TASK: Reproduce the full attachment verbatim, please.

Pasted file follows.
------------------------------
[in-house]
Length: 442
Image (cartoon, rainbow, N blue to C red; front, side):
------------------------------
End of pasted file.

[in-house]
Length: 442
Image (cartoon, rainbow, N blue to C red; front, side):